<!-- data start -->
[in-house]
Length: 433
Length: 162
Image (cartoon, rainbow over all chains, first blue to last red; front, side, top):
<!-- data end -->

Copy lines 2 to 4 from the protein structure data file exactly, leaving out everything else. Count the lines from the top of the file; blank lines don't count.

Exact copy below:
Length: 433
Length: 162
Image (cartoon, rainbow over all chains, first blue to last red; front, side, top):